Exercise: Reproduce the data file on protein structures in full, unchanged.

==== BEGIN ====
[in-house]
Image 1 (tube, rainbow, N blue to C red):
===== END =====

[in-house]
Image 1 (tube, rainbow, N blue to C red):